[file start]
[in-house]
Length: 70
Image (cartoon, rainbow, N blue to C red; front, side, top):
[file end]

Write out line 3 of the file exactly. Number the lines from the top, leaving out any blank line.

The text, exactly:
Image (cartoon, rainbow, N blue to C red; front, side, top):